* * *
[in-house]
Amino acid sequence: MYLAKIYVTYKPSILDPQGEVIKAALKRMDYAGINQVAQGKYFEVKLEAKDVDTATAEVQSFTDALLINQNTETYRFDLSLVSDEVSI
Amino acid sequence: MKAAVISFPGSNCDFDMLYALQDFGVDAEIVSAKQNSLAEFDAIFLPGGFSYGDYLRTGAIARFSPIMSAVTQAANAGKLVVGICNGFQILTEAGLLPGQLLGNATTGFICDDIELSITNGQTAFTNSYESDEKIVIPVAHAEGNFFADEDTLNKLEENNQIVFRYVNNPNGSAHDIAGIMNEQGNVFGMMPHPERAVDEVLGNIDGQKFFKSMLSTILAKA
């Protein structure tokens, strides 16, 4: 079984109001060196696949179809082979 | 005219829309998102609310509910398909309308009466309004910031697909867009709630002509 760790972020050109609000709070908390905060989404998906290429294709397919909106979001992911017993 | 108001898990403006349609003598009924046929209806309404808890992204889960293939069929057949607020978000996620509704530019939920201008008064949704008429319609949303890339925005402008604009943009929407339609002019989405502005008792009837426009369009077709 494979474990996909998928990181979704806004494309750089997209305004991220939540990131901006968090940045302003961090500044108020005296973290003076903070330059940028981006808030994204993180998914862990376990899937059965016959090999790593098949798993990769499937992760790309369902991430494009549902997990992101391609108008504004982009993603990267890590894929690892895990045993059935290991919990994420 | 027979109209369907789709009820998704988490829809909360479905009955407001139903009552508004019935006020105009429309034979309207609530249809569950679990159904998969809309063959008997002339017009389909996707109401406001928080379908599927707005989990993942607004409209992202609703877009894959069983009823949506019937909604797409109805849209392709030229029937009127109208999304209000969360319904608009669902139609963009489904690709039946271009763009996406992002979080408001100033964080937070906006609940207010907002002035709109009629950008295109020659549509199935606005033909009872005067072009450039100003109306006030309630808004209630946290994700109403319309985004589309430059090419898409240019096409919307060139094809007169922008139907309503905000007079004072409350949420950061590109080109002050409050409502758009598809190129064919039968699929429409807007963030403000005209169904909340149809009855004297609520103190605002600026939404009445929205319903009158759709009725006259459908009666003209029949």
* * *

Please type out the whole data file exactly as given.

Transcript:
[in-house]
Amino acid sequence: MYLAKIYVTYKPSILDPQGEVIKAALKRMDYAGINQVAQGKYFEVKLEAKDVDTATAEVQSFTDALLINQNTETYRFDLSLVSDEVSI
Amino acid sequence: MKAAVISFPGSNCDFDMLYALQDFGVDAEIVSAKQNSLAEFDAIFLPGGFSYGDYLRTGAIARFSPIMSAVTQAANAGKLVVGICNGFQILTEAGLLPGQLLGNATTGFICDDIELSITNGQTAFTNSYESDEKIVIPVAHAEGNFFADEDTLNKLEENNQIVFRYVNNPNGSAHDIAGIMNEQGNVFGMMPHPERAVDEVLGNIDGQKFFKSMLSTILAKA
């Protein structure tokens, strides 16, 4: 079984109001060196696949179809082979 | 005219829309998102609310509910398909309308009466309004910031697909867009709630002509 760790972020050109609000709070908390905060989404998906290429294709397919909106979001992911017993 | 108001898990403006349609003598009924046929209806309404808890992204889960293939069929057949607020978000996620509704530019939920201008008064949704008429319609949303890339925005402008604009943009929407339609002019989405502005008792009837426009369009077709 494979474990996909998928990181979704806004494309750089997209305004991220939540990131901006968090940045302003961090500044108020005296973290003076903070330059940028981006808030994204993180998914862990376990899937059965016959090999790593098949798993990769499937992760790309369902991430494009549902997990992101391609108008504004982009993603990267890590894929690892895990045993059935290991919990994420 | 027979109209369907789709009820998704988490829809909360479905009955407001139903009552508004019935006020105009429309034979309207609530249809569950679990159904998969809309063959008997002339017009389909996707109401406001928080379908599927707005989990993942607004409209992202609703877009894959069983009823949506019937909604797409109805849209392709030229029937009127109208999304209000969360319904608009669902139609963009489904690709039946271009763009996406992002979080408001100033964080937070906006609940207010907002002035709109009629950008295109020659549509199935606005033909009872005067072009450039100003109306006030309630808004209630946290994700109403319309985004589309430059090419898409240019096409919307060139094809007169922008139907309503905000007079004072409350949420950061590109080109002050409050409502758009598809190129064919039968699929429409807007963030403000005209169904909340149809009855004297609520103190605002600026939404009445929205319903009158759709009725006259459908009666003209029949």